A new Digital Community Learning and Development (CLD) initiative is set to begin development following funding from the Scottish Government.
Due to be rolled out nationally in autumn 2022, the Digital CLD Award will seek to recognise the ways that CLD services and organisations promote effective use of digital technologies to enhance learning opportunities in youth work, adult learning, and community development programmes. It is the first initiative of its kind in the sector to be delivered through a collaboration between education bodies and industry partners.
It has been funded by Scottish Government’s Community Learning and Development policy team and will focus on strengthening organisations’ skills across key areas, helping them to build their own, and their learners’, digital skills, digital literacies and strong digital wellbeing for cyber resilience and internet safety practices.
The development of the programme is being led by the Digital Schools Awards, an organisation which was established to encourage a whole-school approach to the use of digital technology in the classroom. It brings expertise from education and industry and is backed by multinational technology companies including HP and AMD, as well as Education Scotland. To date, more than 1.1 million children in 4,200 nursery, primary and secondary schools across Scotland, Northern Ireland and Ireland have taken part in Digital Schools Awards initiatives.
For the first time it is set to engage with organisations throughout the community. It will seek to create a strong legacy of digital skills in the CLD sector by promoting and celebrating improvements in high-quality digital services and learning experiences, and supporting the growth of digitally talented young people and adults. The award will be based around four key principles and designed to be:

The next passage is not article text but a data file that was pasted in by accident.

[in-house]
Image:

• Policy-led and reflective for organisations and individuals.
• Inclusive, with an emphasis on inclusion and co-creation through the voice of learners so that digitally mature organisations can celebrate their achievements, and digitally developing organisations can use the framework as a road map for improvement.
• Encourage and support improvement by acting as a road map for organisations at all stages of their digital development.
• Sustainable through the support of a wide range of sectoral partners.
The programme is being shaped by a Development Group of specialist partners, including CLD Managers Scotland (CLDMS), CLD Standards Council, Community Development Alliance Scotland (CDAS), Education Scotland, Lead Scotland, Learning Link Scotland, Scotland’s Learning Partnership, Scottish Council for Voluntary Organisations (SCVO), Youthlink and Youth Scotland.
Alan Armstrong, who is leading the development for Digital Awards Scotland, said:
Digital technology is already playing a fast-growing and increasingly significant role across all sectors of our education system, and we are pleased to have been given this opportunity to extend our support beyond schools to CLD.